Now the Christian reader must be plainly warned, that if he honestly tries to estimate the value of these decrees, he must be willing to do what every juryman tries to do, viz.: to dismiss from his mind all prejudice. We, that is all Western Christendom— Protestants and Catholics, of whatsoever denomination we are called—are in agreement in one particular—we live in habitual disobedience to this decree, and our natural and spiritual fore-fathers have done the same for more than a thousand years.
Evasion by the Western Churches since the 4th Century.
Hence we find so judicious a mind as Hooker’s, dismissing the whole question of whether it might possibly be well for us to keep the Dietary Rules with the sentence—” That the Apostles did not impose them, with bond of necessary and perpetual observation, as we all by doctrine and practice acknowledge, but only in respect of the conveniency and fitness for the present state of the Church as it then stood.” Surely a curious evasion of the plain words—”no other burden than these necessary things.” Hooker, if he lived now, might claim .the same authority in favour of the practice of fornication, for it is well proved, though not openly confessed, that this horrible abuse of the body is as rampant now as it was in Heathenism at the beginning of our era. It is as wide-spread as the eating of things strangled and blood (and all flesh-meat contains blood in greater or lesser proportions), amongst all classes and ranks of all denominations of Christians. No one acquainted with social life in England or any part of Western Christendom will venture to deny this.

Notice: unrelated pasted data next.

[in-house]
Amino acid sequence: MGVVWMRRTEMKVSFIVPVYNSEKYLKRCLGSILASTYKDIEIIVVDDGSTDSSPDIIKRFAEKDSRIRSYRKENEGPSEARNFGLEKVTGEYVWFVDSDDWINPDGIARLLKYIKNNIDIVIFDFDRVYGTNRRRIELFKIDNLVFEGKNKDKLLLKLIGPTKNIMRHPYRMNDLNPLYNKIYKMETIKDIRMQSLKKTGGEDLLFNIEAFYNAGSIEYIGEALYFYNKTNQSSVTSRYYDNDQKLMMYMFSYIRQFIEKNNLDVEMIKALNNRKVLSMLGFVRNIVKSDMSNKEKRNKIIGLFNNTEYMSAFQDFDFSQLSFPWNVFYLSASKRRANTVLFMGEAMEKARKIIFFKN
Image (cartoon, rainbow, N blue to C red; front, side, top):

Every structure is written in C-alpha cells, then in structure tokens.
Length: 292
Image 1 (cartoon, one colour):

The authority Divine and Human.
“ It seemed good to the Holy Ghost and to us.” If this be indeed the voice of the Holy Ghost—then the duty of abstaining from things strangled and from blood and from fornication, are linked together by the same tie that holds Nature herself. The Creator Spirit knows that licentious feeding, leads to licentiousness in other appetites—and this unnatural food for man has been condemned by the wisdom of God in all ages.
The Human element in the Council.
” The Apostles and Elders and Brethren.” Can any Christian who regards Church Authority in any degree, think this a mean authority—Here was St. Peter ; here St. James presided; here was St. Paul; here was the Church assembled in the name of the Lord Christ. “I believe in one Catholic and Apostolic Church “—Where can greater or manifest Church Authority be found?
The Decrees not simply temporary.